DPRK needs drug prevention and treatment

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DPRK needs drug prevention and treatment


Lee Hyeon-seo

An alarming number of North Koreans, most of whom struggle to survive, are continuously becoming trapped in the country’s growing drug epidemic. Police and drug enforcement agencies around the world have struggled for decades to stop the DPRK’s drug smuggling operations, but concerned members of the international community must pay more attention to the devastating effects that drugs like meth and opium are having on the North Korean populace.

More and more North Koreans are becoming drug addicts, yet they generally know very little about how to prevent and overcome drug addiction because they lack proper treatment centers, professional care and preventive drug awareness campaigns. Moreover, although drug prevention and treatment are seriously lacking, they are unlikely to be promoted by the state, since “policemen and other high ranking officials … are the ones who are fond of methamphetamines,” according to Professor Kim Seok-hyang of Ewha Womans University. The international community needs to take the lead in establishing rehab centers in the country and provide information about drug prevention and treatment.

Unsurprisingly, the North Korean government is largely to blame for the country’s drug problems. For many years, drugs were produced in state-run facilities and then exported abroad for hard currency. In the past, Kim Jong-il even tried to make the production and distribution of poppies a source of national income, but after the breakdown of the public distribution system, some unemployed and desperate North Korean scientists used their skills (and equipment) to produce drugs like meth. As China eventually began to crack down on North Korean drug smuggling while drug-production techniques spread in the DPRK, drugs started to become more widely available, and consumed, in North Korean society.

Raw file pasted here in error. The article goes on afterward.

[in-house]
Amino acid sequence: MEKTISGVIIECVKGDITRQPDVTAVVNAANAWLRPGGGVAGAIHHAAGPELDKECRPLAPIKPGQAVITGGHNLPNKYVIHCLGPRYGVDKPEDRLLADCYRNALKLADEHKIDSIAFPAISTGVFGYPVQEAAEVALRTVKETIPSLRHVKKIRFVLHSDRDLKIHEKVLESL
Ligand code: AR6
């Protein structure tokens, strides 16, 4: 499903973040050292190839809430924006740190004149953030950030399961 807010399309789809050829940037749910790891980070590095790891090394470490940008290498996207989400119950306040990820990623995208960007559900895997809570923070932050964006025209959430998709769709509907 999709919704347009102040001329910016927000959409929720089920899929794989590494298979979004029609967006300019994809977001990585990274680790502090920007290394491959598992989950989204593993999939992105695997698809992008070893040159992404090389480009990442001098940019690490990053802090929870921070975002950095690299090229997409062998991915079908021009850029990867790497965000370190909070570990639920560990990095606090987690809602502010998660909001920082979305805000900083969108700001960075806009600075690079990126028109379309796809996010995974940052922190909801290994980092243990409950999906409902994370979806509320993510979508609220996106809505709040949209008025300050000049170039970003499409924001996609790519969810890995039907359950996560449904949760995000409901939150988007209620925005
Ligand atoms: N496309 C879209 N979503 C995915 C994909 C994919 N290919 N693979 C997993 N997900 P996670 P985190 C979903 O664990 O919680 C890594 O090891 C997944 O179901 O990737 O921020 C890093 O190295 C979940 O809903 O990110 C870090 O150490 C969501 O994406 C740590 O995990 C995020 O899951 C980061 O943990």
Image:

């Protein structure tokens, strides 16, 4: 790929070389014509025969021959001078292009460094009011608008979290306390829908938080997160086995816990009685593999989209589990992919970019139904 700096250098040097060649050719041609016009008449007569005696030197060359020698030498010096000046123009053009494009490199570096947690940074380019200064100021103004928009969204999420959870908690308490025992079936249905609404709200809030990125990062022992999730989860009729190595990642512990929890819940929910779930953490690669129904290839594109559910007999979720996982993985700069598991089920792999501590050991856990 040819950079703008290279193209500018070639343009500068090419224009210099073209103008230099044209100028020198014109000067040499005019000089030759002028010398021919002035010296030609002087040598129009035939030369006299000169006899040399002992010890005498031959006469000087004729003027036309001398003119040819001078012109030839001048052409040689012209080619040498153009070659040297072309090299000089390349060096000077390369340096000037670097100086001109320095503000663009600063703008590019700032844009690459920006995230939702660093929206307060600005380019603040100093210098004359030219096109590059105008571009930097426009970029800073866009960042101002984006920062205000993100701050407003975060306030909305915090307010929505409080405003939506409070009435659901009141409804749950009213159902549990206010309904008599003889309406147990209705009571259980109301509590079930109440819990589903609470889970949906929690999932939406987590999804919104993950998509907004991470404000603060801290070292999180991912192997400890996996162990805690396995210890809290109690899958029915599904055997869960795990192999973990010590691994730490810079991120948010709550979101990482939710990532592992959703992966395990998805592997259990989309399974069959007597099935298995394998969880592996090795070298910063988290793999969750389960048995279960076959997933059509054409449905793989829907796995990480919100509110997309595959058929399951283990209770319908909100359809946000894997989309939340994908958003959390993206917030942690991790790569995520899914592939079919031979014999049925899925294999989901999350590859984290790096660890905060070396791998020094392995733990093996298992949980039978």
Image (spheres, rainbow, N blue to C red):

Other North Koreans have said that offering a visiting friend some meth or other drug is becoming a more common practice, like offering a cup of tea. More recently, a newer drug called “amidon” has begun to plague the North Korean people. The drug, similar to methadone, is so addictive that people are selling their goods cheaply in the market for quick drug money, according to a source for DailyNK.

The North Korean people are already struggling enough without having to deal with the horrible effects of drug addiction. Thanks to modern science and technology, we can use many available tools to help them. Primarily, we should gather the knowledge about dangerous drugs like meth and spread the information to the North Korean people. They must know that drugs will only make their problems worse. Moreover, the international community should make an effort to establish drug treatment centers in the DPRK. Even though this may seem unlikely, the DPRK government has allowed foreign NGOs to care for those less fortunate in society (such as the disabled), so it would not be impossible.

It is depressing that the long list of problems facing the North Korean people are getting worse by the drug use. Most of the users are ignorant of the dangers of drugs, and extremely vulnerable once they become addicted since they have nowhere to turn. Ultimately, the international community must help the North to tackle its drug problems. With awareness campaigns, information and proper treatment, the international community can help get the DPRK’s drug epidemic under control.

By Lee Hyeon-seo, Student at Hankuk University of Foreign Studies and a North Korean refugee living in Seoul

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